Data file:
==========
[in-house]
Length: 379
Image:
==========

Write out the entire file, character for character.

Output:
[in-house]
Length: 379
Image: